5) Once it’s at its maximum temperature, add 1 tbsp of grapeseed oil, and pop in the beef cubes in order to give them a nice golden-brown and crispy sear on all sides within the next 3-4 mins. Keep flipping them while they’re in the pan to keep them from sticking to the pan, loosing their spicy exterior to the heat in the process.
6) Once the cubes are evenly seared, tip them out onto a bowl. Add 2-3 tbsp of stock to the pan to deglaze it and use a wooden spoon to loosen all those roasting flavors sticking to the bottom of the pan. I leave the distinction between “roasted” and “burned” in your capable hands~
7) Add the spicy liquid to the cubes in their bowl and replace the pan with a large pot on the stove, turning the heat down to medium.
8) Add the stock and the teabag, bring the beef’y tea to a gentle simmer, then turn the heat to medium-low, add the cubes and leave the lot to simmer for 1 hour.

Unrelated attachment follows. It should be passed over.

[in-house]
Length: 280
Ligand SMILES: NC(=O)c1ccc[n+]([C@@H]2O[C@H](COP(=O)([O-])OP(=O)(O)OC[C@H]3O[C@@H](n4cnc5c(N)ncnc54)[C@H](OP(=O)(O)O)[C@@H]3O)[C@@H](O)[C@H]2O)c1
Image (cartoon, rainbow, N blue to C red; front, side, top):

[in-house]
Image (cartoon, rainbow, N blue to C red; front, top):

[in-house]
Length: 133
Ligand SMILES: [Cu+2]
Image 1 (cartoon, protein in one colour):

9) Once that’s done, have the finely sliced veggies join the beef for 12-15 mins until they’re deliciously tender.
10) Carefully stir the spice mix into the stew along with the coconut milk and a generous pinch of salt until both are well incorporated into the mix.
11) Have a taste and adjust the seasoning with more salt, curry, coconut milk or, to lighten it up a little, a splash of lime juice.
12) Once you’re completely satisfied with the stews balance between spicy kick and coconutt’y comfort, top it off with a bunch of fennel greens or fresh coriander and serve it with a pile of rice, potatoes or just as it is – steaming hot, comforting and just right to get rid of the flu – or to keep it away in the first place!
By the way, this one has a follow-up coming your way next sunday! If you’ve got leftovers, pack them into zip-lock-baggies and keep them in easy reach in your freezer. If possible, try to use the baggie to shape individual portions the size of anything between golfball- to walnut-size. Not that easy with the chunky stuff, but it doesn’t have to be perfect in any case.